#7 Lewis Rayson (Glenelg)

One who stood up well in defence, Rayson caught the eye early on with a couple of solid overhead marks to intercept in the back half. He also made sure to impact aerial contests when marking was not an option, while also following up the spills to move the ball on quickly or lock it in. Rayson’s holding the ball tackle in the third term showed his smarts as his opponent went to take off after marking, and he enjoyed a consistent game across the board with 16 disposals, five marks, five tackles, and five rebound 50s.

#8 Cooper Murley (Norwood)

An important figure in the midfield-forward rotation for SA, Murley made a good start while resting in attack when he found space inside 50, marked, and slotted the set shot from about 40 metres out for his side’s opening goal. He would go on to continue his good form forward of the ball early in the second term as he snapped another goal, almost adding another in the same period of play. He was momentarily moved out onto the wing in the third quarter and dropped an uncontested mark with his first sight of the ball, but recovered really well to clear any danger. Murley would go on to show his well-roundedness, tackling well and providing good bursts from congestion with clearances on the move to push SA inside 50. Ended with 14 disposals, four marks, three clearances, and two goals.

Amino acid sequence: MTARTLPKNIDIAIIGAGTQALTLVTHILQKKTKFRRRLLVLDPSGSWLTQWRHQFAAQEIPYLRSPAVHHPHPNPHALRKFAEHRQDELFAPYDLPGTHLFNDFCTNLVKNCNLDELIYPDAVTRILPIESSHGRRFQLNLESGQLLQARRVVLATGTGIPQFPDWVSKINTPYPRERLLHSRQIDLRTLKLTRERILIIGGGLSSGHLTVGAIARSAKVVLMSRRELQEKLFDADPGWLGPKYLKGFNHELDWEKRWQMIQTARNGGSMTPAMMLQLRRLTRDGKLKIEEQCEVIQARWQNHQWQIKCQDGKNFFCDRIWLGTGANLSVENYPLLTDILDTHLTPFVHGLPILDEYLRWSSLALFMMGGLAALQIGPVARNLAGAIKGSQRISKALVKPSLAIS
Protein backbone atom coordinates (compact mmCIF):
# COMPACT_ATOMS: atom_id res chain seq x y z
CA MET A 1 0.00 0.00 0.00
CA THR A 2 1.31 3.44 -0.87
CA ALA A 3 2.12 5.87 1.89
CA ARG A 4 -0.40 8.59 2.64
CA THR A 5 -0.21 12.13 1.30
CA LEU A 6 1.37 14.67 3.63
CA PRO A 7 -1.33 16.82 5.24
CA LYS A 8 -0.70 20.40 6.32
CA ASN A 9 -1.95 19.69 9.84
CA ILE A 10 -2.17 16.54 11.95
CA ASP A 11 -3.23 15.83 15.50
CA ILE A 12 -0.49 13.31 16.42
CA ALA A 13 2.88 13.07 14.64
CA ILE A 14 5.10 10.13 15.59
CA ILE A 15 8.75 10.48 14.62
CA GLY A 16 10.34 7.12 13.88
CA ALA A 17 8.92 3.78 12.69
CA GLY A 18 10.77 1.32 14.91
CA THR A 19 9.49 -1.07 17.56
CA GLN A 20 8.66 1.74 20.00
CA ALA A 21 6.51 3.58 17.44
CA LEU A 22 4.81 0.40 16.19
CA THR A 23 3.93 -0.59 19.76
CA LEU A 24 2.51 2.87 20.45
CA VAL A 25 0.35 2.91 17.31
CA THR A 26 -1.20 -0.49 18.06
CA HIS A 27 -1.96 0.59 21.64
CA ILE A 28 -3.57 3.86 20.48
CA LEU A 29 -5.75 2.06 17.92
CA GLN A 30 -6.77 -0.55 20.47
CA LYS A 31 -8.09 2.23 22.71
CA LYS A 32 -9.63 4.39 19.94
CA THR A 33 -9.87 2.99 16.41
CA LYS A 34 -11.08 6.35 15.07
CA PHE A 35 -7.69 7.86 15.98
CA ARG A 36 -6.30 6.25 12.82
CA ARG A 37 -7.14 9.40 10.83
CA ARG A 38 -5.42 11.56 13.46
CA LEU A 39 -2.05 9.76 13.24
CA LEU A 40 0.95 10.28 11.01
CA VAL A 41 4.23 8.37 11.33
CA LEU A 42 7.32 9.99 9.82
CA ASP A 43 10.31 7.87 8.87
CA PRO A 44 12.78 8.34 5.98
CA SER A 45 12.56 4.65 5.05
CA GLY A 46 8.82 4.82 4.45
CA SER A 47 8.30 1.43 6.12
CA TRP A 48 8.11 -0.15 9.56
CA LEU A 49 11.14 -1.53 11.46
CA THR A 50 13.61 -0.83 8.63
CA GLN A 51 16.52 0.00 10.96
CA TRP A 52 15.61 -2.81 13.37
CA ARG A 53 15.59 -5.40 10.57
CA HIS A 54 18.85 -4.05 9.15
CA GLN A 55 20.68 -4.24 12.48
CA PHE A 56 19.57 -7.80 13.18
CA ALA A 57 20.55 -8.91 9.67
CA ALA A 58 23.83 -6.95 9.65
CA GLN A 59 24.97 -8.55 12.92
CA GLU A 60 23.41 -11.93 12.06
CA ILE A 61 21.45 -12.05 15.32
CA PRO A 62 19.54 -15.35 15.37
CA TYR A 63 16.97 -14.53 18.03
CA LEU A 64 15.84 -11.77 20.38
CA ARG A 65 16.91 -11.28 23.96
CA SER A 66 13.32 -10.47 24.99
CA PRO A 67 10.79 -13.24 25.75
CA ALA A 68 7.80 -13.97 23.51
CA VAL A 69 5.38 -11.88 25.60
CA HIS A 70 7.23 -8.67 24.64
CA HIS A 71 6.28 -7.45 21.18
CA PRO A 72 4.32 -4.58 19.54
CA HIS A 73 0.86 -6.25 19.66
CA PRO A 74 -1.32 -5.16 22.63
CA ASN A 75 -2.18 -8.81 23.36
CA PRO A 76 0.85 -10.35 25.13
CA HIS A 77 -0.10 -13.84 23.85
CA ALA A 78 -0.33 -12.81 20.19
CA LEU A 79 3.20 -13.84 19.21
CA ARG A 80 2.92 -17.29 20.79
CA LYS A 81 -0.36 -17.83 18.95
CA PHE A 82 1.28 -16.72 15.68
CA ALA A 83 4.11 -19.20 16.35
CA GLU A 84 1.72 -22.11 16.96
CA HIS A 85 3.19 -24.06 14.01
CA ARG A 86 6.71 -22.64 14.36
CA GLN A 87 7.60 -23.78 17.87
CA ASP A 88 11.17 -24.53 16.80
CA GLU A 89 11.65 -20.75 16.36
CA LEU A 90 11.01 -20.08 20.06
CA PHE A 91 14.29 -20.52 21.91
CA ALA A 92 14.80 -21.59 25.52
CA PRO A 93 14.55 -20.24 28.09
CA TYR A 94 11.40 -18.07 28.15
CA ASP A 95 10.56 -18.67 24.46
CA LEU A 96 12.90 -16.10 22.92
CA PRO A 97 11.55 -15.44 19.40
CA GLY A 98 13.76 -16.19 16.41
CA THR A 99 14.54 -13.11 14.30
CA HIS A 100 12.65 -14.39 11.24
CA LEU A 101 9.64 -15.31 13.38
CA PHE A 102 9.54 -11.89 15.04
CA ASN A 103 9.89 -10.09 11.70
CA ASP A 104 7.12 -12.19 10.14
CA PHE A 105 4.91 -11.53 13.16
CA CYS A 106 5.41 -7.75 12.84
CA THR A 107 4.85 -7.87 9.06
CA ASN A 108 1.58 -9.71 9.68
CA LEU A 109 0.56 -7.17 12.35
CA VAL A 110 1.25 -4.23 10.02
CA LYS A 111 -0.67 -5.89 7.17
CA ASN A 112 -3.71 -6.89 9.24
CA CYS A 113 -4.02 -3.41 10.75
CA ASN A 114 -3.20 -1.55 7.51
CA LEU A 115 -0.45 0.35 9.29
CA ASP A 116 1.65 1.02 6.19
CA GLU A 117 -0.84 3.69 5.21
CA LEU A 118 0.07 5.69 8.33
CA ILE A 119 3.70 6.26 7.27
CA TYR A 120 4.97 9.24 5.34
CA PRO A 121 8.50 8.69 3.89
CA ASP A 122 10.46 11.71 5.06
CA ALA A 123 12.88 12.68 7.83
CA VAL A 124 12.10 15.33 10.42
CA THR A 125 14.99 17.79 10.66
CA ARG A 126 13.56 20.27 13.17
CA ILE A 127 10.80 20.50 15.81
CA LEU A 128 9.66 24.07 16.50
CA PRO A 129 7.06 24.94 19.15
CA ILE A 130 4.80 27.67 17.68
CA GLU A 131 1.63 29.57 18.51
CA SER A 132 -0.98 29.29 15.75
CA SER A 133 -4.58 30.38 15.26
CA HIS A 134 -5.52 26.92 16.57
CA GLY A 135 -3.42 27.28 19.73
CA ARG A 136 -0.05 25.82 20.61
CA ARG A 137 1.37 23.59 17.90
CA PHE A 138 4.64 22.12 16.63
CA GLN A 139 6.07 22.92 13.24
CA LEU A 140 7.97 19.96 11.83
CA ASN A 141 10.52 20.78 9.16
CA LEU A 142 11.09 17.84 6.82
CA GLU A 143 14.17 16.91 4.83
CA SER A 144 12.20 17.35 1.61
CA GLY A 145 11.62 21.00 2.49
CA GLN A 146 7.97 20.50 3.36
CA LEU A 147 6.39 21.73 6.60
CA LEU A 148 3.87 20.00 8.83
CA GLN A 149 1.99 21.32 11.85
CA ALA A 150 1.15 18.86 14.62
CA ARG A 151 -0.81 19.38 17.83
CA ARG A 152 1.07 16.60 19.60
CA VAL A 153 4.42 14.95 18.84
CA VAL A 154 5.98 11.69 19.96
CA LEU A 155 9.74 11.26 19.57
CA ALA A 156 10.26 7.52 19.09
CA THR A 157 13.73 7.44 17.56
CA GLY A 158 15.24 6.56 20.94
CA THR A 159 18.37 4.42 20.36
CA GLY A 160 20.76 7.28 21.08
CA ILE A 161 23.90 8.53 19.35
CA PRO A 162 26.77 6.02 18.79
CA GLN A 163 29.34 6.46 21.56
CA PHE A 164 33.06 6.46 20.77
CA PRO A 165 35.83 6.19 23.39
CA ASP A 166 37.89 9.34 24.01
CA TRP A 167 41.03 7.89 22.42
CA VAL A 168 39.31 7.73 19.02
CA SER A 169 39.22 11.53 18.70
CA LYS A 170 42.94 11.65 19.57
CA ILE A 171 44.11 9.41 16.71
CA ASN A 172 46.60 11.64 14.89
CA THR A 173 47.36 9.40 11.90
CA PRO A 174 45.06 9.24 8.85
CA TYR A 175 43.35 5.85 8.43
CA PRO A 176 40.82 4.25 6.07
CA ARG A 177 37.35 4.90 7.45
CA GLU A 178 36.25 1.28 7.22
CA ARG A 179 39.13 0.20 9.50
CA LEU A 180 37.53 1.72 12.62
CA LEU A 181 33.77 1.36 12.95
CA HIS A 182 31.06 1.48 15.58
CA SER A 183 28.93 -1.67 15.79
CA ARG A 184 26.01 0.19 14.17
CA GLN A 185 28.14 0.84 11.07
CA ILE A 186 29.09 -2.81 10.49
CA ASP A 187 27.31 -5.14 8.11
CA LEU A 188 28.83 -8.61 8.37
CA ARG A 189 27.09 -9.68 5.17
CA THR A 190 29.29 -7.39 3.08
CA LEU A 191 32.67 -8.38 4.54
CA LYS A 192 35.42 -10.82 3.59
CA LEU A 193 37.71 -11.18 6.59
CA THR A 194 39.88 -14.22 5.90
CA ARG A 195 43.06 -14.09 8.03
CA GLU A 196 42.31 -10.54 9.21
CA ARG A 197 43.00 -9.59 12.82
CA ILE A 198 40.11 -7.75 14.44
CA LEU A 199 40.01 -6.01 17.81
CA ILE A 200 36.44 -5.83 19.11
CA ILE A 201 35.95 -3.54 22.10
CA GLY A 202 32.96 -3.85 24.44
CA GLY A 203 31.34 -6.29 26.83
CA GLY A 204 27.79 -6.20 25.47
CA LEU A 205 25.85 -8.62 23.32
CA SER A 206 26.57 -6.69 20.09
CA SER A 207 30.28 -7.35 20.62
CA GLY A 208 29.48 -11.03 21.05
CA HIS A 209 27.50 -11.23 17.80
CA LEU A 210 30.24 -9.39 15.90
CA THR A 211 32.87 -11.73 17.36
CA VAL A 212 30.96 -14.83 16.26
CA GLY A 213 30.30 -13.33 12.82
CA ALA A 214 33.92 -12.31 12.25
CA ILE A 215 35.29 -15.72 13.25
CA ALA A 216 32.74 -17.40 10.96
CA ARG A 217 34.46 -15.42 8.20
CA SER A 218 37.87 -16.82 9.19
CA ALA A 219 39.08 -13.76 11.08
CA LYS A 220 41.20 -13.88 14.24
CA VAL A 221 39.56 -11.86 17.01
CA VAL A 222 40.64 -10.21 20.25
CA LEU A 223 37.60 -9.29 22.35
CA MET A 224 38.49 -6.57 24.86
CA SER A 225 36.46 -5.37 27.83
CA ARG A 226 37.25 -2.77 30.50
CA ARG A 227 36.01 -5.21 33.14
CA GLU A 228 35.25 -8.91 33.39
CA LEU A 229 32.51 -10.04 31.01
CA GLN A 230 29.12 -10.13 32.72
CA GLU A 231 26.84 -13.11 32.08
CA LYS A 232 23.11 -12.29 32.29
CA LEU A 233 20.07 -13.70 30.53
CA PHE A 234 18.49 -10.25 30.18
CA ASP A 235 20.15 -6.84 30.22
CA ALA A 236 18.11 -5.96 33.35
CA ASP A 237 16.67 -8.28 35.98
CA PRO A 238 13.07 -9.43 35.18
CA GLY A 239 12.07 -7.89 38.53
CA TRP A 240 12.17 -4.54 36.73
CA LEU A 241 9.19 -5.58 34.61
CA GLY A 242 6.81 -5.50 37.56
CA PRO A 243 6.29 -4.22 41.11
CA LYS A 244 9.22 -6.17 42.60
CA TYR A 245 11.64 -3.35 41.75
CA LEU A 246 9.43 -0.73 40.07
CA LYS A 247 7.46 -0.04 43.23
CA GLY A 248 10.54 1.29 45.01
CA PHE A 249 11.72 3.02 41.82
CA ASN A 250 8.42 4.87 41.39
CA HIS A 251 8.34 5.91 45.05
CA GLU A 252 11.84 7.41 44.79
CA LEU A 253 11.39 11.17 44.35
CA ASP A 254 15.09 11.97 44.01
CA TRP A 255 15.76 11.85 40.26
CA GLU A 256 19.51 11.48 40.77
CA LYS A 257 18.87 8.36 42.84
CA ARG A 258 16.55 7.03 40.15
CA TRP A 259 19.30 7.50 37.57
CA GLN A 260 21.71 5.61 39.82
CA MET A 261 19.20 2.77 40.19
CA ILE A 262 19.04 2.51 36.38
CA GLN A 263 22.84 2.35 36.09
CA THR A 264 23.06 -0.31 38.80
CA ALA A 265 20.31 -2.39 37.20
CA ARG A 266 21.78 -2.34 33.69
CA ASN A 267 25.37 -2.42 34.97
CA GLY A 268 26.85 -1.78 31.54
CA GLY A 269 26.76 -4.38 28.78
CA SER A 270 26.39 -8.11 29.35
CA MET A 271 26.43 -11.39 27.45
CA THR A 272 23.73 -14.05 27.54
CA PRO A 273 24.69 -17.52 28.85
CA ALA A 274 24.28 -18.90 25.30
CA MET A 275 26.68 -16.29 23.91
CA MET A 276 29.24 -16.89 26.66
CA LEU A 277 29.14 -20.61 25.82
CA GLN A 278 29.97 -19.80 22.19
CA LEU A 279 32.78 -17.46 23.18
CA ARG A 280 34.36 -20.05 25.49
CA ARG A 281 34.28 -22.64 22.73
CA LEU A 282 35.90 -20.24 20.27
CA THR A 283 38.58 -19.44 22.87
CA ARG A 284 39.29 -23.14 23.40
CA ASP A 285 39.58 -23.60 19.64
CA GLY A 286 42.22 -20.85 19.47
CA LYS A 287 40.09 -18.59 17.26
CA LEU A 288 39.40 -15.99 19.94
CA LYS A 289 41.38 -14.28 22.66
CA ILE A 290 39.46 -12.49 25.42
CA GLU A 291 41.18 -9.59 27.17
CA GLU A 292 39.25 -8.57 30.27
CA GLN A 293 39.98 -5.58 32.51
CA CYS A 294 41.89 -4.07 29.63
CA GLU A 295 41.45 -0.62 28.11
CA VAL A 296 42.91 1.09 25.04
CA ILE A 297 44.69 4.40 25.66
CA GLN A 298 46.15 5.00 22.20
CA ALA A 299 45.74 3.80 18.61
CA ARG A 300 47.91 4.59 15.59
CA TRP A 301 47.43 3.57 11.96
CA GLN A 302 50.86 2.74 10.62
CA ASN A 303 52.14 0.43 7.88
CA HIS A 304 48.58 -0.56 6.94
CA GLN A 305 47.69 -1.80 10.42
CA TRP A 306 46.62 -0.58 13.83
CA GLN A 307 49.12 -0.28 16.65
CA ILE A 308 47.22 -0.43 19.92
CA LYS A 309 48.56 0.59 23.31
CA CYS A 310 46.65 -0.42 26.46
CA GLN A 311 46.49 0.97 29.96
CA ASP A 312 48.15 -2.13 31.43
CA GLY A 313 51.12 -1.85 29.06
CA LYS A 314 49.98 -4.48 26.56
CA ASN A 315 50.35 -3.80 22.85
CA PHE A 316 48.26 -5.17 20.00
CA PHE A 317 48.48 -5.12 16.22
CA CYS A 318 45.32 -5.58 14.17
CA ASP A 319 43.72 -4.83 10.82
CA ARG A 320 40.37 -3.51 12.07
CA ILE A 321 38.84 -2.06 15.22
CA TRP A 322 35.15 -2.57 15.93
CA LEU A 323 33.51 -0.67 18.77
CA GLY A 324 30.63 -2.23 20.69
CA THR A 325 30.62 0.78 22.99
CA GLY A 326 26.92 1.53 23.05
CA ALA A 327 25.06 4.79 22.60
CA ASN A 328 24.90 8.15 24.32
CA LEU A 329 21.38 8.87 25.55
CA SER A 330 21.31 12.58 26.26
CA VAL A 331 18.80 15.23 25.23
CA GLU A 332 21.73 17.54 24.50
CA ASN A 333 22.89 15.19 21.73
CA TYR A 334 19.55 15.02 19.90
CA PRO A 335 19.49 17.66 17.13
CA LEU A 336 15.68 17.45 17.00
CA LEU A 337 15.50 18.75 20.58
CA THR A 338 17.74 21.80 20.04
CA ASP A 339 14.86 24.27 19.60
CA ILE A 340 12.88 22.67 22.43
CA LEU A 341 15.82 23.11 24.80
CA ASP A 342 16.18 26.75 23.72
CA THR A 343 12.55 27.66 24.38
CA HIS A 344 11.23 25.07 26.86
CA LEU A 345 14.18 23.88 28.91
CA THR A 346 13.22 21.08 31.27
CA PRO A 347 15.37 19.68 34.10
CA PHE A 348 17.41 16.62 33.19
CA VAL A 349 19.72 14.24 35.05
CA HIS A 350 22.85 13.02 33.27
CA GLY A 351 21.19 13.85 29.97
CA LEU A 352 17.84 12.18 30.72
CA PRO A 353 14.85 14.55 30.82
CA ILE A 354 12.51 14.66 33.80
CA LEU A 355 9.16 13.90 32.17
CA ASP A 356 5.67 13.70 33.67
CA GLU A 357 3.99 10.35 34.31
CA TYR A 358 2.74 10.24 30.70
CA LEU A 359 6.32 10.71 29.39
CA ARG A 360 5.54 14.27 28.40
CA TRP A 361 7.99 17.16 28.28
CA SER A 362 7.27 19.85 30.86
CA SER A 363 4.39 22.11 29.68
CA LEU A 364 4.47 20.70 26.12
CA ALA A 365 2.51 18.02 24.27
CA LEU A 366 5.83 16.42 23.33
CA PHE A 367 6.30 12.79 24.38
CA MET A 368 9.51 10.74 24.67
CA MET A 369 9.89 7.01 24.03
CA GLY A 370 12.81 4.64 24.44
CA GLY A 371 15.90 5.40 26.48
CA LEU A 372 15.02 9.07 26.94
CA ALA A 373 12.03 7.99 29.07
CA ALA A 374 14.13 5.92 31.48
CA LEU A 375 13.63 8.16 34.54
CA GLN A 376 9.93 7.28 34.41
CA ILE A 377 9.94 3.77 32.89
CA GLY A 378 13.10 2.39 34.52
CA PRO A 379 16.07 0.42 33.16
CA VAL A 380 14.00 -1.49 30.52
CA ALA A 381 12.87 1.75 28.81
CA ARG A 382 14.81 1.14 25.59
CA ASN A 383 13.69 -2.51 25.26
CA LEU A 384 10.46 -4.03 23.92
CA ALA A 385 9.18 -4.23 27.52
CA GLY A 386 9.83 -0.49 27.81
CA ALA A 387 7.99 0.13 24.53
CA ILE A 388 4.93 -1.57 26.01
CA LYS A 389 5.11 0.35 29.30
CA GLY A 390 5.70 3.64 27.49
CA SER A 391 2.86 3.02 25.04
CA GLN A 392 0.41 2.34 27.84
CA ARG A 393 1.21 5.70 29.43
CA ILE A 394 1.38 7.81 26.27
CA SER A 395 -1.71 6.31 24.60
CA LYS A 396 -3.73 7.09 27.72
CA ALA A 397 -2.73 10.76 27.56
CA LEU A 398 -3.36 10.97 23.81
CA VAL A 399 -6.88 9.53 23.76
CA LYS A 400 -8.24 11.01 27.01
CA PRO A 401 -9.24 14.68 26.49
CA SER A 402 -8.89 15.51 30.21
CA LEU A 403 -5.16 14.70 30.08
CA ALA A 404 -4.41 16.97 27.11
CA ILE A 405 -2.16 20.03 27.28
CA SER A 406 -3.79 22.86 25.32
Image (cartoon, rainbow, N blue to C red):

#11 Harry Tunkin (Glenelg)

Tunkin was superb throughout and really seemed to enjoy his minutes in the midfield, getting stuck in to win a good amount of contested ball. He won a hat-trick of centre bounce clearances in the second term with fantastic tenacity, and showed a bit of finesse with a move through traffic to find Cooper Murley forward of the ball and provide a chance at goal. Tunkin continued his form in the third term around the stoppages and did the one-percenters around the ground, applying a particularly good smother on Tyler Sonsie inside defensive 50 to prove as much. His ability to hunt at ground level and win the ball under pressure accounted for many of his 18 disposals, with Tunkin also laying eight tackles in a big shift and spending a bit of time up forward late on.

#17 Matthew Dnistrianksy (Norwood)

Another of the SA defenders who had a solid day out, Dnistriansky was unfazed by a lot of the pressure that came his way. He accumulated across defensive 50 in his usual fashion, providing neat disposals and a solid defensive post on his direct opponent when required. He gave up about 10cm in height when matched up against Josh Rentsch deep inside defensive 50, but took it in his stride and competed well. The Redlegs prospect also fared well with a move up forward in the final term, finding space to mark and converting the shot well. He looked a little frustrated when giving away a free kick to Joshua Rachele late on as he threw the Country co-captain to the ground, but had a solid day with 12 disposals, a couple of rebound 50s and a goal.